Macroeconomics and Health (CMH)

MacroHealth Newsletter

No. 6 October 2003


NEWS.....NEWS.....NEWS.....NEWS.....NEWS.....NEWS

Global Consultation on Macroeconomics and Health nears

The “Global Consultation on Increasing Investments in Health Outcomes for the Poor” will take place from 28-30 October 2003 at WHO Headquarters in Geneva, with active contribution from WHO Regional and Country Offices and support from the Gates Foundation and the Department for International Development (DFID) of the United Kingdom. The Consultation aims to continue and enhance dialogue between country decision makers and development partners on the country-led content, process, and mechanisms for improving health outcomes, especially for the poor. Participants will include ministers and high-level officials from health, finance and planning from 40 developing countries, and senior representatives from a number of development agencies, banks, foundations, and academic institutions.

Three themes will be addressed through presentations by country delegates, expert speakers, and representatives of development agencies. These are:

  • how to improve the effectiveness of health delivery systems and monitor outcomes;
  • how to make health central in the country macroeconomic framework and increase internal allocation of resources to health;
  • how to make external funding more predictable and increase coordination with partners.

The Consultation will begin with a one-day preparatory meeting on 28 October to discuss operational and technical matters. A two-day Ministerial Consultation will follow during which participants will share country experiences and propose follow-up activities on country macroeconomics and health work.

For more information on the Global Consultation, visit the event web site at: http://www.who.int/macrohealth/events/health_for_poor/en/.

Translated publications available

WHO has recently published French, Spanish and Portuguese translations of the book Investing in Health: A Summary of the Findings of the Commission on Macroeconomics and Health. The publication describes the main findings and recommendations of the CMH Report and outlines how countries can move forward by examining health priorities and the actions required to scale up health services to the poor. The publication is currently being translated into Arabic and Russian, and copies are expected to be available by the end of 2004. The English version of the book can be seen at: http://www.who.int/macrohealth/infocentre/advocacy To order the new translations, please send a request to publications@who.int.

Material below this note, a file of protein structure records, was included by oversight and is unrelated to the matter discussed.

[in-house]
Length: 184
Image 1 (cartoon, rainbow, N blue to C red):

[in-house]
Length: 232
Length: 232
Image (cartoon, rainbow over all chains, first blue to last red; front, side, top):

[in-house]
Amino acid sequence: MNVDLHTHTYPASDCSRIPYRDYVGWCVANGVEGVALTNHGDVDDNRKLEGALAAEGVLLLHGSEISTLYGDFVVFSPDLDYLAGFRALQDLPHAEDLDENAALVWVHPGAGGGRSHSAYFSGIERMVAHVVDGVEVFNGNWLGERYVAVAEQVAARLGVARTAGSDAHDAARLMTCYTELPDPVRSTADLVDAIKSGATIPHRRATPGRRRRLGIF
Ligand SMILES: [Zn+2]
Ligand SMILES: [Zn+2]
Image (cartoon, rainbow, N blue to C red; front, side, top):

Country achievements compilation in the pipeline

A compilation of country achievements in public health reported from a human angle is currently being produced in close collaboration with WHO Regional and Country Offices. Articles have been researched and written by leading locally based journalists and writers in China, Ethiopia, Ghana, Indonesia, Jordan, Mexico, Sri Lanka, and Yemen. These stories have attempted to publicize country efforts to address key systemic constraints in health. It is anticipated that this publication will be launched in January 2004.

Gates Award for Global Health

The Gates Award for Global Health in the amount of $1 million is given each year to an organization that has made a major and lasting contribution to global health. Nominations for the 2004 award are being accepted until 5 December 2003, and any organization from any country may be nominated. The award will be presented on 3 June 2004 in Washington, D.C. The 2003 award went to the Brazilian National AIDS Program (NAP). For more information, please visit: http://www.globalhealth.org/

World Bank publishes study on the economic consequences of AIDS

In July 2003 the World Bank published a study, "The Long-run Economic Costs of AIDS: Theory and an Application to South Africa", which overturned much of the conventional wisdom on the long-term economic impact of HIV/AIDS. The study showed that up until now, the economic consequences of AIDS have been greatly underestimated, and the case of South Africa was chosen to demonstrate the long-term effects of the epidemic. While previous studies had projected that AIDS reduces Gross Domestic Product growth by about 1 % per year, the World Bank study maintains that this figure does not take into account the detrimental impact of AIDS on human capital. If actions are not taken to contain the epidemic, the study estimates that AIDS could lead to economic collapse in the countries hardest hit by the disease within several generations. The World Bank study can be downloaded at the following address: http://www1.worldbank.org/hiv_aids/publications.asp.

World Development Report 2004 just out

The World Bank has just published a report warning that broad improvements in human welfare will not occur unless poor people receive improved access to affordable, better quality services, including health, education, water, sanitation and electricity. Improvement in quality of and access to social services is key to achieving the Millennium Development Goals. The report, entitled “World Development Report 2004: Making Services Work for Poor People”, provides personal accounts from poor people describing their experiences with inferior social services and also provides examples of where services do work and can improve the lives of people. According to the report, the main determinant of success or failure is the degree to which poor people have a say in the quality and quantity of services they receive. For more information, visit http://econ.worldbank.org/wdr/wdr2004/.

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